Call money rates retreated during the month as they realigned themselves downward to the new marginal facility rate (MSF), which is now 8.75%. The central bank cut the MSF rate twice during the month (first by 50 bps and then by 25 bps) as it grew confident of reduction in exchange rate volatility in the country. In addition to MSF cut, fall in call money rates was attributed to other liquidity easing measures announced by the RBI viz., providing additional liquidity through term repos of 7-day and 14-day tenor. Liquidity in the banking system also improved due to redemption of cash management bills during the month. However, further rise in call rates was capped due to demand from banks to cover their mandatory reserve requirements.
Government bond prices surged in the month as sentiment improved after the RBI continued with unwinding of its liquidity tightening measures initiated in mid-July. The yield on 10 year benchmark 7.16%, 2023 bond fell to 8.62% on October 31 from 8.77% yield on September 30, 2013. The RBI lowered the MSF rate twice (75 bps in total) in the month to 8.75% and also provided additional liquidity through term repos of 7-day and 14-day tenor for a notified amount equivalent to 0.25% of NDTL of the banking system. Gains were further boosted after this facility was later extended to 0.5% of NDTL in the second quarter monetary policy review on October 29. Appreciation in the rupee during the month supported the rise in bond prices. Some gains in bond prices were also seen due to bond buyback of Rs 10,000 cr in the first week of the month, India's trade deficit numbers for September falling to a 30-month low, and on hopes that the RBI or the government may soon announce steps to support debt inflows.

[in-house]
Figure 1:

On the global front, hopes that the US Fed would have to defer the tapering of its monthly $85 bn asset purchase programme due to the US government shutdown earlier in the month and weak US non-farm payrolls data for September augured well for domestic bond prices. Expectation of portfolio inflows after US lawmakers brokered a deal to raise the US government's borrowing limit and to end the partial federal government shutdown also induced gains in domestic bonds.
However, further rise in bond prices was capped as headline (WPI) and retail (CPI) inflation for September remained at elevated levels. Supply of gilts lined up in the weekly auctions also capped the rise in bond prices.
CRISIL Centre for Economic Research (CCER) expects 10 year G-sec yields to settle around 7.8 to 8% by March-end 2014. Tighter liquidity, rising inflationary expectations and the lower likelihood of further repo rate cuts until March 2014 are expected to keep government bond yields firm.